|Outstanding Supporting Actor in a Comedy Series||Outstanding Supporting Actress in a Comedy Series|
|Outstanding Supporting Actor in a Drama Series||Outstanding Supporting Actress in a Drama Series|
|Outstanding Supporting Actor in a Limited Series or Movie||Outstanding Supporting Actress in a Limited Series or Movie|
|Outstanding Directing for a Comedy Series||Outstanding Directing for a Drama Series|
|Outstanding Directing for a Limited Series, Movie, or Dramatic Special||Outstanding Directing for a Variety Series|
|Outstanding Writing for a Comedy Series||Outstanding Writing for a Drama Series|
|Outstanding Writing for a Limited Series, Movie, or Dramatic Special||Outstanding Writing for a Variety Series|
Most major nominations
Programs that received multiple major[b] nominations are listed below, by number of nominations per work and per network:
|14||Game of Thrones||HBO|
|11||When They See Us||Netflix|
|7||Escape at Dannemora||Showtime|
|The Marvelous Mrs. Maisel||Prime Video|
|Killing Eve||BBC America|
|5||Better Call Saul||AMC|
|This Is Us||NBC|
|Saturday Night Live||NBC|
|A Very English Scandal||Prime Video|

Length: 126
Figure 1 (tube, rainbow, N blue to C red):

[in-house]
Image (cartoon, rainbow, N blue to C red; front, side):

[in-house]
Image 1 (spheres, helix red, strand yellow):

|The Good Place||NBC|
|Last Week Tonight with John Oliver||HBO|
|The Late Show with Stephen Colbert||CBS|
|Schitt's Creek||Pop TV|
|Drunk History||Comedy Central|
|Full Frontal with Samantha Bee||TBS|
|The Handmaid's Tale||Hulu|
|House of Cards||Netflix|
|The Kominsky Method|
|Who Is America?||Showtime|
Most major wins
|2||Game of Thrones|
|Last Week Tonight with John Oliver|
|The Marvelous Mrs. Maisel||Prime Video|
|Saturday Night Live||NBC|
The ceremony took place at the Microsoft Theater in Los Angeles with no host; comedian and actor Thomas Lennon served as an announcer for the ceremony, injecting with jokes and commentary as winners approached the stage to receive their Emmy. Televised by Fox, the ceremony began with a ruse where Homer Simpson appeared in an augmented-reality stage to host the event, before an animated piano dropped from the ceiling to land on The Simpsons' character. With the event now "host-less", Anthony Anderson rushed on stage in a skit where he insisted that "We’re going to go without a host tonight!" and pushed the first presenter Bryan Cranston to the stage to welcome the audience and introduce a montage of video clips. The ceremony continued is such fashion with only Lennon and montages and clips filling the time between presenters.
Several winners made notable "statement speeches" while accepting their awards. After winning the award for outstanding supporting actress in a comedy series for The Marvelous Mrs. Maisel, Alex Borstein said:
My grandmother was in line to be shot into a pit... she turned to a guard and she said "What happens if I step out of line?" and he said "I don't have the heart to shoot you but somebody will". And she stepped out of line, and for that I am here and for that my children are here, so step out of line ladies, step out of line.